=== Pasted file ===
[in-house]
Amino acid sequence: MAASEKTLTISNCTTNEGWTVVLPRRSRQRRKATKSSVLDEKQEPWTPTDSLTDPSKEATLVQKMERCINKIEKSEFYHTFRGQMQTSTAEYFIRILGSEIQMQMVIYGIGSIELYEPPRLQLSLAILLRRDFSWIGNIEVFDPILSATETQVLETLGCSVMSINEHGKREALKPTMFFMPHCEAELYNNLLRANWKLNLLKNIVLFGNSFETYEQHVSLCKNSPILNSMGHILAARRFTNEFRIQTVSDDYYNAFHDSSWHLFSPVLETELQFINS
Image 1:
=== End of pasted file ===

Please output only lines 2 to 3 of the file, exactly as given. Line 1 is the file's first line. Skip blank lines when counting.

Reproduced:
Amino acid sequence: MAASEKTLTISNCTTNEGWTVVLPRRSRQRRKATKSSVLDEKQEPWTPTDSLTDPSKEATLVQKMERCINKIEKSEFYHTFRGQMQTSTAEYFIRILGSEIQMQMVIYGIGSIELYEPPRLQLSLAILLRRDFSWIGNIEVFDPILSATETQVLETLGCSVMSINEHGKREALKPTMFFMPHCEAELYNNLLRANWKLNLLKNIVLFGNSFETYEQHVSLCKNSPILNSMGHILAARRFTNEFRIQTVSDDYYNAFHDSSWHLFSPVLETELQFINS
Image 1: